Meditation on Scripture, done rightly, leads to the richest “personal experience” (with God), but never at the expense of God’s revealed truth. Rather I would contend that the richest experiences with God come most consistently by means of meditation on His Word. Why is it that so many Christians, people who read the Bible every day, cannot remember the last time their daily time in the Word of God changed their day, much less changed their life? Why is it that most days, if pressed, as soon as they close their Bible would have to admit, “I don’t remember a thing I read”? I would argue that the reason is a lack of meditation.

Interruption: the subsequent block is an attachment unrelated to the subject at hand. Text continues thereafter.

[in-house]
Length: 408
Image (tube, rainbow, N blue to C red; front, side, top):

While reading the Bible is the exposure to Scripture–and that’s essential; that’s the starting place–meditation is the absorption of Scripture. And it’s the absorption of Scripture that leads to the experience with God and the transformation of life that we long for when we come to Scripture. My contention is that people just don’t do that, even people who read the Bible every day. It’s not that people can’t meditate on Scripture; they just don’t. Often it’s because they’ve not been taught about meditation, and/or they just don’t know how to meditate on a verse of Scripture. That’s why in the section of Spiritual Disciplines for the Christian Life where I write about meditation I conclude with seventeen different ways to meditate on Scripture, ways that are doable by any Christian (for any devotional practice–like meditation–expected of all God’s children has to be fundamentally simple).